Highlighting the facts about smugglers with Ruth Casie.
Thank you Caroline for inviting me to post today. My new release, The Lady and Her Quill, centers on a story about Lady Alicia Hartley and Captain Justin Caulfield, both are authors. There is a question about who is the better author. A challenge is proposed. Both will write on the same topic. May the best author win.
Lady Alicia is sure Captain Caulfield will write a war story in keeping with the genre he writes. She decides to write a story about a smuggler, a romance in keeping with what she writes best. My heroine was in the thick of things and what did I know about smugglers? Other than smuggling cookies out of the kitchen at night, nothing.
In researching smugglers, I found some very interesting facts:
- In order to pay for wars in America and on the Continent, England levied high taxes that doubled, at times tripled the cost of goods. Smugglers saw an easy way to make money.
- Smugglers took to creating ploys to fool captains onto rocky shoals or shallow water. Abandoned cargo could be claimed by anyone without penalty. Cargo could not be taken off of any ship if one sailor remained. The smugglers response was kill any sailor that survived.
- On the beaches, the villagers who helped with the transport were told to turn their backs on the smugglers. This made it impossible for the villager was asked to identify the smuggler.
- The Boston Tea Party was a demonstration against England’s high duties on tea following the French and Indian War. The colonies weren’t the only target of this high duty. Duties were also high in England, as much as 129%. In 1784, William Pitt cut the duty on tea to 12.5% With the price reduced, the smugglers found another commodity, tobacco
- Smuggling groups were well organized and took orders for a variety of goods. Besides tea and tobacco, there was wool, spices, coffee, chocolate, playing cards, and jewelry.
- Smuggling involved a variety of people. Seamen brought the contraband to England by ship. Efficient groups of smugglers transported the contraband across the country. Bankers were needed to finance the enterprise. Merchants were needed to receive and buy the goods.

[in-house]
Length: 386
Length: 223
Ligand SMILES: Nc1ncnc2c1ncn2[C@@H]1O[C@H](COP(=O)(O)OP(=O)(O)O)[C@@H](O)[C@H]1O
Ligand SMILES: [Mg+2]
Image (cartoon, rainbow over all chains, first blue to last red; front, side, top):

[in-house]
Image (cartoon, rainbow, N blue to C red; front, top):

- Soldiers returned when the war with Napoleon was over, but many were unable to find work. Once again smuggling increased except now with the soldiers available, resources on land and sea could combat smuggling.
About the Book: The Lady and Her Quill
Her mind kept telling her to stop loving him, but her heart couldn’t let him go.
Renowned author Lady Alicia Hartley has lost her muse after a bad review. She blames it all on the author JC Melrose. A chance encounter with a handsome, witty Justin Caulfield has her heart racing, and her muse seemingly back. Is he her savior or her worst nightmare?
He didn’t see the turbulent ocean. He was too busy dealing with a different tempest.
The recently retired Captain Justin Caulfield is facing his own demons. As gifted author JC Melrose, his stories honor men who died at the hand of one man. His only focus is to avenge their deaths, that is, until he meets and falls in love with Lady Alicia.
The two authors take on a writing challenge based on a story of stolen gold taken from the newspaper headlines all to determine the better writer. While researching the story, Lady Alicia is captured by the thieves’ ringleader. Can Lady Alicia turn this mystery into an award-winning story? Can Justin save his real-life heroine? Can they both overcome their own challenges for a happily ever after?
About the Author
Ruth A. Casie has always had stories in her head. Encouraged by family and friends this ballroom dancing, Sudoku playing, aspiring gourmet has given way to her inner muse. Now, rather than write project plans and marketing/communications for a major US bank’s international business, she writes historical fantasies about strong men and empowered women and how they cope with unexpected challenges.
Ruth is involved in social justice causes and has served as board president on her local county’s women’s shelter for victims of domestic violence. She has also served as the board president on a local section of a national organization advocating for women, children and families.
When not writing you can find her home in Teaneck, New Jersey, reading, cooking, doing Sudoku and counted cross stitch. Together with her husband Paul, they enjoy ballroom dancing and going to the theater. Ruth and Paul have three grown children Staci, Cori, and Ari and four grandchildren Olivia, Alex, Caylee, and Logan. They all thrive on spending time together. It’s certainly a lively dinner table and they wouldn’t change it for the world.
Ruth is a USA Today bestselling author and hopes her stories become your favorite adventures. For more information, please visit www.RuthACasie.com or visit her on Facebook, Twitter, Pinterest , or Instagram